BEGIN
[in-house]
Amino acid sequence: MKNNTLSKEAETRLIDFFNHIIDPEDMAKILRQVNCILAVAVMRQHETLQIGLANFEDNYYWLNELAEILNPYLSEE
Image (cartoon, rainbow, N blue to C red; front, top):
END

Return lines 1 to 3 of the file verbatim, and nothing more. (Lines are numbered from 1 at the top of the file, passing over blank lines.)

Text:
[in-house]
Amino acid sequence: MKNNTLSKEAETRLIDFFNHIIDPEDMAKILRQVNCILAVAVMRQHETLQIGLANFEDNYYWLNELAEILNPYLSEE
Image (cartoon, rainbow, N blue to C red; front, top):